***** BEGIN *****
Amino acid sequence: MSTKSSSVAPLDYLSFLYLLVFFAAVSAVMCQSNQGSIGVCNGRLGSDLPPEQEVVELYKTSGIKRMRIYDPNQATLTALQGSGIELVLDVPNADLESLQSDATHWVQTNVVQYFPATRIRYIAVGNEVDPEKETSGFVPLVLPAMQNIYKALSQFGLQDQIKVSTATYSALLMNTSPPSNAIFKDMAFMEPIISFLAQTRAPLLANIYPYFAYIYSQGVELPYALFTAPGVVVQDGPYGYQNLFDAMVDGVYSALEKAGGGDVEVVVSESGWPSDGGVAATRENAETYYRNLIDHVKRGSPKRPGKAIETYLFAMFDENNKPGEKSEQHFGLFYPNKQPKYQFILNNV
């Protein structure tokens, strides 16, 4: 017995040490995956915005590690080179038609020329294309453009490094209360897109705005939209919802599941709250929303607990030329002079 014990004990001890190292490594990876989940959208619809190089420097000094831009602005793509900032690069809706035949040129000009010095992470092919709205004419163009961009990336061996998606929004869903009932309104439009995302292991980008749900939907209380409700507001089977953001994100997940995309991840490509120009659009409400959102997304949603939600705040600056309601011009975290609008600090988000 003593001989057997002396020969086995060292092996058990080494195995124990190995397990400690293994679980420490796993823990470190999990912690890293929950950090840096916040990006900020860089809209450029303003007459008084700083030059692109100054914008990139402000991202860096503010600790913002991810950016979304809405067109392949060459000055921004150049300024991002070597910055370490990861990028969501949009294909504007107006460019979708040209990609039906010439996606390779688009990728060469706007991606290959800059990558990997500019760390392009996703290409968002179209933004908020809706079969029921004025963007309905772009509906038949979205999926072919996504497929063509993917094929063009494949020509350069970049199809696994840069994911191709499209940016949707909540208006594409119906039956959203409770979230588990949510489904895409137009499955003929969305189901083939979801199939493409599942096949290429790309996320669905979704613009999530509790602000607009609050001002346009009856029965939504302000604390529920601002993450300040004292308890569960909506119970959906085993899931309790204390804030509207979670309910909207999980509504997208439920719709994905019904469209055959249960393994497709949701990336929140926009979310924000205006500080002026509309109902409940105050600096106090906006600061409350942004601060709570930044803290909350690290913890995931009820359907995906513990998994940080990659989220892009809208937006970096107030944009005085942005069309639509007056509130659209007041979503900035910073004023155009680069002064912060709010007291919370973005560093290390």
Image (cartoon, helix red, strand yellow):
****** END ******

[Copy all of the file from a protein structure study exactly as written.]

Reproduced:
Amino acid sequence: MSTKSSSVAPLDYLSFLYLLVFFAAVSAVMCQSNQGSIGVCNGRLGSDLPPEQEVVELYKTSGIKRMRIYDPNQATLTALQGSGIELVLDVPNADLESLQSDATHWVQTNVVQYFPATRIRYIAVGNEVDPEKETSGFVPLVLPAMQNIYKALSQFGLQDQIKVSTATYSALLMNTSPPSNAIFKDMAFMEPIISFLAQTRAPLLANIYPYFAYIYSQGVELPYALFTAPGVVVQDGPYGYQNLFDAMVDGVYSALEKAGGGDVEVVVSESGWPSDGGVAATRENAETYYRNLIDHVKRGSPKRPGKAIETYLFAMFDENNKPGEKSEQHFGLFYPNKQPKYQFILNNV
């Protein structure tokens, strides 16, 4: 017995040490995956915005590690080179038609020329294309453009490094209360897109705005939209919802599941709250929303607990030329002079 014990004990001890190292490594990876989940959208619809190089420097000094831009602005793509900032690069809706035949040129000009010095992470092919709205004419163009961009990336061996998606929004869903009932309104439009995302292991980008749900939907209380409700507001089977953001994100997940995309991840490509120009659009409400959102997304949603939600705040600056309601011009975290609008600090988000 003593001989057997002396020969086995060292092996058990080494195995124990190995397990400690293994679980420490796993823990470190999990912690890293929950950090840096916040990006900020860089809209450029303003007459008084700083030059692109100054914008990139402000991202860096503010600790913002991810950016979304809405067109392949060459000055921004150049300024991002070597910055370490990861990028969501949009294909504007107006460019979708040209990609039906010439996606390779688009990728060469706007991606290959800059990558990997500019760390392009996703290409968002179209933004908020809706079969029921004025963007309905772009509906038949979205999926072919996504497929063509993917094929063009494949020509350069970049199809696994840069994911191709499209940016949707909540208006594409119906039956959203409770979230588990949510489904895409137009499955003929969305189901083939979801199939493409599942096949290429790309996320669905979704613009999530509790602000607009609050001002346009009856029965939504302000604390529920601002993450300040004292308890569960909506119970959906085993899931309790204390804030509207979670309910909207999980509504997208439920719709994905019904469209055959249960393994497709949701990336929140926009979310924000205006500080002026509309109902409940105050600096106090906006600061409350942004601060709570930044803290909350690290913890995931009820359907995906513990998994940080990659989220892009809208937006970096107030944009005085942005069309639509007056509130659209007041979503900035910073004023155009680069002064912060709010007291919370973005560093290390």
Image (cartoon, helix red, strand yellow):